2. How well does your child know spiderman (barbie, etc.)?

(1) pretty well, by reading or watching a dvd they were in
(2) very well, as spiderman (barbie, etc.) has come to see him personally, at his birthday party

3. You artfully arrange a double sleepover (away) for your two kids on a Saturday night so you can:

(1) seduce your husband
(2) finish up studying how to help your kids with their homework

4. After a game of tennis with your daughter, you:

(1) give her a bottle of water, to rehydrate
(2) give her your remote control, thank her, and leave the room

5. You are cleaning the dinner dishes yourself because:

(1) your kids are in full body casts from a freak accident and can't help
(2) your kids are busy texting their friends

Scoring: If you scored 5 points, you are still a human person. If you scored 7-9, you are in the danger zone. If you scored 9 or 10, you have crossed over and become a robotic parent. Time for the 10 steps...

Friday, June 1, 2012

Prenatal Nondiscrimination Act.  Huh? What is this, you ask?  Take a look below:

Bill Text
112th Congress (2011-2012)


Prenatal Nondiscrimination Act (PRENDA) of 2012 (Reported in House - RH)


    (a) In General- Chapter 13 of title 18, United States Code, is amended by adding at the end the following:

`Sec. 250. Discrimination against the unborn on the basis of race or sex

    `(a) In General- Whoever knowingly--

      `(1) performs an abortion knowing that such abortion is sought based on the sex, gender, color or race of the child, or the race of a parent of that child;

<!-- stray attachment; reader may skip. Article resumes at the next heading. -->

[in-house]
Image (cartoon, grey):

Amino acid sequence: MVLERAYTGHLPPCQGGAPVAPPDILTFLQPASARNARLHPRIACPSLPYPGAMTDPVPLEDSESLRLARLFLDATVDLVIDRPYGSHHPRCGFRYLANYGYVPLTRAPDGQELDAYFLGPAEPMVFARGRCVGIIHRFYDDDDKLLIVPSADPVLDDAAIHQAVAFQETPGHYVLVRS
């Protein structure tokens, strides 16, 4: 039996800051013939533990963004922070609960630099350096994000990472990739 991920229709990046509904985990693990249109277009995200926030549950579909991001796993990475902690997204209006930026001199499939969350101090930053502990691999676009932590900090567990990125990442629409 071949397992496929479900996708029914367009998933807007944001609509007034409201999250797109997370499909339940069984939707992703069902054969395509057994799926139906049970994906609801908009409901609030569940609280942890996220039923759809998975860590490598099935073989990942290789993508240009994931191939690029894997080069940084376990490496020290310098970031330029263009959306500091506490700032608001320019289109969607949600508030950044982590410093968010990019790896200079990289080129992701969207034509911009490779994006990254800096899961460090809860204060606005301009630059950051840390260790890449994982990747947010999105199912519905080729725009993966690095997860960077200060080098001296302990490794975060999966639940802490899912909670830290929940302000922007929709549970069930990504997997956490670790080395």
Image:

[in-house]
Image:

`(2) uses force or the threat of force to intentionally injure or intimidate any person for the purpose of coercing a sex-selection or race-selection abortion;

      `(3) solicits or accepts funds for the performance of a sex-selection abortion or a race-selection abortion; or

      `(4) transports a woman into the United States or across a State line for the purpose of obtaining a sex-selection abortion or race-selection abortion;
or attempts to do so, shall be fined under this title or imprisoned not more than 5 years, or both.

People tried to ban this bill because it punishes a person for performing an abortion on a fetus if it (the fetus) is not the right gender. Some people consider performing an abortion because the baby is not the right gender as  discrimination based upon gender and some people consider it "gendercide".  Others hold the view that abortion for any reason is up to the mother as it's her body and nobody should judge the mother's right to choose.

The House of Representatives did not vote to accept this bill so the bill is rejected and gender-based abortions are still legal.

What do you think?  Is aborting a fetus because it's not the preferred gender a woman's own business?  Is it ok?  Is it our government's business to protect the unborn?  Is it part of our robotic parenting, as we  continue to design and mold our children, into the perfect child, even before they are born? Please comment!

No comments:

Post a Comment